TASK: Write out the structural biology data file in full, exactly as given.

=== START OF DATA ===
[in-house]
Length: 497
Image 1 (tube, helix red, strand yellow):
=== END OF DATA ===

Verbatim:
[in-house]
Length: 497
Image 1 (tube, helix red, strand yellow):